Rotational Grazing: The Sustainable Choice

The simple act of moving cattle between pastures to maximize grazing offers cattle producers many benefits, including decreasing feed costs, lowering weed pressure, improving cattle health and performance and contributing to the sustainability of the grazing land. Constantly moving herds with rest periods between grazing is a more similar approach to how animals grazed before settlers moved into the area. While rotational grazing may look different across farms and ranches, the benefits outweigh the cons.


Sustainable Grazing

Since cattle are harvesting their own feed, there are fewer labor costs and time spent harvesting and feeding stored forages, resulting in lower feed costs. Rotational grazing can reduce hay requirements by 60 to 80 percent. Depending on the maturity stage of plant growth, rotational grazing can offer high quality feedstuffs that are packed with protein and digestible energy, which increases gain and animal health. Healthier herds result in fewer veterinary expenses.

When a plant is grazed, the roots die and push carbohydrates up to the base of the plant to regrow the plant matter above the surface—a process lasting four days. Resting pastures produce more biomass, leaving soil protected during hotter seasons.

Grazing is a great strategy for destroying undesirable weed populations that can take over pastures during overgrazing. When cattle rotationally graze, there are few limits in their diet selections and access is limited to preferred areas and plant species, limiting intake and selectivity. In well-managed, controlled grazing rotations, grazing efficiency is increased to 65 percent.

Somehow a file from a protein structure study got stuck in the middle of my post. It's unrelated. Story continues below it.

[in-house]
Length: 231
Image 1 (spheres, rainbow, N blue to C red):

Diverse and mature pasturelands provide habitat for wildlife and pollinators, which are critical for healthy ecosystems and healthy prairie. By allowing cattle to graze, beef producers can find a use for unproductive cropland that can’t be used to grow traditional row crops.

Reducing GHG Emissions

One way that rotational grazing helps improve sustainability is through reduced greenhouse gas (GHG) emissions. Cattle produce methane as a byproduct of their digestive process. When cattle eat higher quality forages through rotational grazing, those forages are easier to digest, resulting in lower emissions.

In addition, manure and organic matter are distributed more evenly across the pasture, which adds more nutrients to the soil. Manure accounts for 12 percent of GHG emissions from the agriculture sector. Spreading manure over the pasture instead of concentrating it in one area helps reduce emissions and results in reduced fertilizer costs.

Overgrazing leads to exposed soil, which releases carbon. By allowing the soil to recover through rotational grazing, carbon stays in the soil. When plants are allowed to rest and regrow, they establish deeper roots, improving soil health and structure. This means that soil is enabled to better retain moisture while being protected from water and wind erosion. Rotational grazing pastures are then more resilient to climate impacts, such as drought or heavy precipitation, while also protecting waterways from nutrient and sediment runoff. Restricting where cattle graze also helps improve water quality by preventing an influx of excess nutrients.

One often-overlooked benefit of rotational grazing is that ranchers don’t have to look across many acres of ground just to check on their cattle.


Armstrong, J. and Heins, B. Grazing & Pasture Management for Cattle. 2023. University of Minnesota Extension.

Beck, P. Benefits of Rotational Grazing. 2021. Drovers.

Bertrand, S., Roberts, A., and Walker, E. The Climate & Economic Benefits of Rotational Livestock Grazing. 2022. Environmental & Energy Study Institute.

Blose, M., Friel, M., Hale, C., Hirzel, M., and Campbell, B. Ag-Note: The Benefits of Rotational Grazing. 2018.

Sparacio, M. Benefits of Rotational Grazing. 2019. Cove Creek Farm.

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